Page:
I really have no excuse for not knowing about Our Lady of Walsingham.
I live less than hour from the Cathedral of Our Lady of Walsingham, site of the American shrine in honor of this Marian apparition. The cathedral offers a homeschool hybrid program in which several of my friends participate, yet I had never stopped to ask, “huh, why is it called ‘Holy House?'” This reflects poorly on my character.
Thankfully, these deficiencies have been remedied. I finally made my first visit to the cathedral for a poetry reading by Sally Thomas, who has composed a chapbook inspired by the apparition of Our Lady to Richeldis and the subsequent centuries of devotion to this shrine.
The Shrine of Our Lady at Walsingham was established in 1061 when, according to the text of the Pynson Ballad (c 1485), Richeldis de Faverches prayed that she might undertake some special work in honour of Our Lady. In answer to her prayer, the Virgin Mary led her in spirit to Nazareth, showed her the house where the Annunciation occurred, and asked her to build a replica in Walsingham to serve as a perpetual memorial of the Annunciation.
This Holy House was built and a religious community took charge of the foundation. Although we have very little historical material from this period, we know that with papal approval the Augustinian Canons built a Priory (c 1150). Walsingham became one of the greatest Shrines in Medieval Christendom.
Sally spoke to us about “how domestic this vision is,” as Mary gives Richeldis a tour of her house and says “make this in the world.” How profound an experience this must have been! As we heard portions of poems inspired by Richeldis and the pilgrims throughout the centuries, I reflected upon the deep peace that would come from resting in Mary’s home. (I also, truth be told, had the thought that this home must be enormously tidy compared to mine.) Ooohhhh…Holy House…I get it!
I’ve joined Toastmasters (prompting weekly encouragement from my teenz to “master the toast!”), and a common theme of the feedback I have received so far is that I should incorporate more pauses into my speechifying, leaving a little room for myself to breathe and listeners to process what I just said. One of my more egregiously unrehearsed speeches was compared to “sprinting a marathon,” a fair criticism. I congenitally refuse to make cuts when necessary, which is why I thought I could somehow shove nine index cards of bullet points into a six-minute speech.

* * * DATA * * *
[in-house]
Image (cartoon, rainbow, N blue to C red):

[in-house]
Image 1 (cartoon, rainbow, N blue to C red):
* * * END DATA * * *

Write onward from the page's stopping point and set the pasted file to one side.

Simultaneously, I have trained my mind to leap towards interruptions through a rigorous program of phone usage and social media. You, too, can enjoy the jittery life of hopping from one unrelated thought to the next, all in search of dopamine! Just focus on the screen and keep those thumbs nimble; you’ve got to be ready to scroll, click, and swipe!
Sally spoke to us about the difference between reading prose and reading poetry. She compared prose to driving a long distance as efficiently as possible; there’s no time to meander when you have to reach your destination quickly. Poetry, in contrast, is more akin to all of the things you hurry past on your commute. I believe she quoted Laurence Perrine (can’t read my handwriting on my notes; perhaps the poet herself will clear this up for me) in describing the role of the poet as “inviting the reader into some moment of intense living.”
She also discussed the loneliness that Richeldis must have felt after the apparition, that longing for companionship with the Blessed Mother. I think of this with the Ascension, as well, that it must have felt lonely to no longer enjoy Jesus’ presence in that way as a daily companion. I have a new appreciation for Eucharistic adoration for this reason: that I can spend time in Christ’s presence for the sake of spending time at his feet.
As the Annunciation (March 25) approaches, I would encourage you to check out Sally’s book. The poems move backwards through time, with Richeldis herself appearing at different points in the cycle. My favorite is probably the one titled “Richeldis – circa 1080,” which begins:To sit companionably,
And how is it with you
I also got to sit companionably with Sally over breakfast before she left town; it’s always such a treat to meet a longtime Internet friend! She gamely accommodated my talking incessantly about College Searching and other current preoccupations, although in hindsight I realize I should have allowed for more pauses in the conversation.